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Chocolate, voluptuous and delicious

Delicious Italian chocolate! Dark, white, half-sweet, bitter, with hazelnuts. A jubilation of chocolates, pralines, cremini, bars, Easter eggs: you’ve simply got plenty of choice from the great variety of “shapes” and types of Italian chocolates.

Christopher Columbus tasted a drink made of cocoa in Honduras in 1502 then he decided to import the beams to Europe. In the XVIIIth century the chocolate was produced in Turin, Florence and Venice. In the third Millennium which are the best production Italian areas? Although the geographical area involved with the production of chocolate in Italy is quite big, “it is basically a poker of aces” that makes the difference: the Piedmont, Umbria, Tuscany and Sicily. The Piedmont opens the scene with a mix of history and legend and the people from Piedmont already claimed the invention of chocolate Easter eggs in the XVIIIth century. Apart from being true or false, Turin has been undoubtedly one of the main Italian towns for the production of chocolate since the XVIIth century. And what can we say about the famous “gianduiotti”, the icon of the chocolate pralines from Turin shaped as a slice, made of milk chocolate? Moreover, there are a number of cuisine routes throughout the region that are dedicated to chocolate tasting and the towns of Torino, Asti, Boves, Cherasco, Sommariva Bosco, Leinì, Castellazzo Bormida, Fossano and Castellinaldo must be mentioned.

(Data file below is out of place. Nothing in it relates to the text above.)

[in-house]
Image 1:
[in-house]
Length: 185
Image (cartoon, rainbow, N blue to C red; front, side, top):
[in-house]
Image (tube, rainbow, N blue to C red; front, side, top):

Then Umbria with Perugia that has been identified with chocolate since the beginning of the XXth century thanks to the famous business “Perugina” that meant at developing that area and invented a number of mythical products such as the “Bacio Perugina” (the Perugina Kiss).

 In the centre of Italy Tuscany stands out since a number of Masters of chocolate are spread around the region starting with Florence. Sweet charming attractions can be found in Sicily too where the production of chocolate is one of its main features especially in Modica in the province of Ragusa where chocolate has marble colour shades because of the big sugar granules that are left in the cocoa dough. If you want to travel around the chocolates routes in Italy, don’t miss the many events that are held, from Eurochocolate to Choccobarocco, Cioccoshow and CioccolaTò and plenty of tasty fairs too.

Luciana Francesca Rebonato

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